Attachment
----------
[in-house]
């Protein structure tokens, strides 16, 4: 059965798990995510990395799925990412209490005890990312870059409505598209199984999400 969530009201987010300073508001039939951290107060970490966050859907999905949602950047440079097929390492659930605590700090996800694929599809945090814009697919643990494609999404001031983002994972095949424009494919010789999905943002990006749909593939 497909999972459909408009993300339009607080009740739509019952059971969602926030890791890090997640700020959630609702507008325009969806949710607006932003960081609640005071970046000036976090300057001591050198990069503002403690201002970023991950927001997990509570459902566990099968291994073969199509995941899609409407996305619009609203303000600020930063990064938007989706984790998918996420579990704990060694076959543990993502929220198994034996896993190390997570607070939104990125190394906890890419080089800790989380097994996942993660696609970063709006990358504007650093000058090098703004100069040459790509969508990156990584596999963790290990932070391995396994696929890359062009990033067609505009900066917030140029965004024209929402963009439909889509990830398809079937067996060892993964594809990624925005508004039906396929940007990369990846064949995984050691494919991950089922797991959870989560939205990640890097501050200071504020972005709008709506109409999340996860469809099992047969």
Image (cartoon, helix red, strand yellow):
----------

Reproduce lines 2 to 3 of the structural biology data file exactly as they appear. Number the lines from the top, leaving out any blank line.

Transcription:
């Protein structure tokens, strides 16, 4: 059965798990995510990395799925990412209490005890990312870059409505598209199984999400 969530009201987010300073508001039939951290107060970490966050859907999905949602950047440079097929390492659930605590700090996800694929599809945090814009697919643990494609999404001031983002994972095949424009494919010789999905943002990006749909593939 497909999972459909408009993300339009607080009740739509019952059971969602926030890791890090997640700020959630609702507008325009969806949710607006932003960081609640005071970046000036976090300057001591050198990069503002403690201002970023991950927001997990509570459902566990099968291994073969199509995941899609409407996305619009609203303000600020930063990064938007989706984790998918996420579990704990060694076959543990993502929220198994034996896993190390997570607070939104990125190394906890890419080089800790989380097994996942993660696609970063709006990358504007650093000058090098703004100069040459790509969508990156990584596999963790290990932070391995396994696929890359062009990033067609505009900066917030140029965004024209929402963009439909889509990830398809079937067996060892993964594809990624925005508004039906396929940007990369990846064949995984050691494919991950089922797991959870989560939205990640890097501050200071504020972005709008709506109409999340996860469809099992047969």
Image (cartoon, helix red, strand yellow):